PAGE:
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#1591: Kawolin Akawo : Henrius replies to Wilcken's question

From: C&C Henrius <tet_ansanm@hotmail.com>

Although I'm not sure who she was exactly, you can believe I heard this song 
everywhere I went in Haiti, being named Caroline AND a student of Haitian 
song and dance!  I was told it's Kawolina Kawo, however, and more often 
heard the last line sang, "nEg nwE ti zorEy tande" than the way you have it. 
  Also I'm told the reference to nEg nwE anraje is about Haitian 
revolutionaries.  But anraje does not mean crazy.  It just means volatile 
and passionate... or "move"  :)

>Kawolin Akawo, danse kongo jis kO m fE mwen mal o (bis)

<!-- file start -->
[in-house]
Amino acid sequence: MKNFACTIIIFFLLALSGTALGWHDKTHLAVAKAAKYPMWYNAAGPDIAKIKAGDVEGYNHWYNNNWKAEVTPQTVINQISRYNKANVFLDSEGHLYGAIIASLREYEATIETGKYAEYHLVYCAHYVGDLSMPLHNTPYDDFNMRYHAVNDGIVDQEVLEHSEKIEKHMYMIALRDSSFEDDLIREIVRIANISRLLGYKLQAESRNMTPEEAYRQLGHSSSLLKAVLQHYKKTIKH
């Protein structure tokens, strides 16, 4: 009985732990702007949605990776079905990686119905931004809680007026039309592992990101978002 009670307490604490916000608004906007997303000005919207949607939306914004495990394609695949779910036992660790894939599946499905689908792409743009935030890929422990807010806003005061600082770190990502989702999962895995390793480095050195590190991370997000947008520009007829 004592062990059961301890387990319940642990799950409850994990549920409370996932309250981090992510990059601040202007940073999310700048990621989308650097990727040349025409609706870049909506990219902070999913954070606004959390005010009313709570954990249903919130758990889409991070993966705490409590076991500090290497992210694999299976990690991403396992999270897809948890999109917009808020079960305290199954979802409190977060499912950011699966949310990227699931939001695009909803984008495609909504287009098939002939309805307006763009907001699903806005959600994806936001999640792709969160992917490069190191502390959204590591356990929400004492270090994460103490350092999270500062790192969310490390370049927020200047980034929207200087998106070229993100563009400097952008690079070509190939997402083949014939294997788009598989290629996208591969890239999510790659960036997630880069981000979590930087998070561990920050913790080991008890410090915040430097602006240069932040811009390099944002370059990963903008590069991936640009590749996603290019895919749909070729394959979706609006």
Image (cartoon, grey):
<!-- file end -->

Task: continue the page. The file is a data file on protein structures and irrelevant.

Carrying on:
>Danse kongo nou laye kongo (bis)
>Kawolin Akawo, nEg nwE ti zOrEy anraje
>I'm speculating that if Kawolin was indeed among the piquets, the last
>phrase--"the black troublemaker is crazy"--might be a description of
>peasant revolutionaries.  Of course, that would reflect a biased
>upperclass point of view.  A translation from a more popular perspective
>might be, "The people are rising up."  With the swirling kongo skirts,
>and the dancing 'til exhaustion...nice!  But I can be way off base.  If
>anyone knows anything about this song, please share.  MEsi davans.
>Lois Wilcken
>La Troupe Makandal - New York City's #1 Haitian Roots Ensemble
>621 Rutland Road, Brooklyn NY 11203
>718-953-6638 / makandal-ny@juno.com

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